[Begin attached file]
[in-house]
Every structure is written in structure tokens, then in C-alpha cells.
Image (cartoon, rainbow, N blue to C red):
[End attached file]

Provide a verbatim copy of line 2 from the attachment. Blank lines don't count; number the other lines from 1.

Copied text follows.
Every structure is written in structure tokens, then in C-alpha cells.